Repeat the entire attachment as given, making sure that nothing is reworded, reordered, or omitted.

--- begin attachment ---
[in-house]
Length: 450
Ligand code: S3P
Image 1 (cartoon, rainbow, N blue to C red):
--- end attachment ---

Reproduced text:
[in-house]
Length: 450
Ligand code: S3P
Image 1 (cartoon, rainbow, N blue to C red):